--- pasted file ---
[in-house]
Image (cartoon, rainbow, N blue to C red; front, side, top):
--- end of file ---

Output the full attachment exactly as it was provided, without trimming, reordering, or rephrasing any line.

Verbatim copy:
[in-house]
Image (cartoon, rainbow, N blue to C red; front, side, top):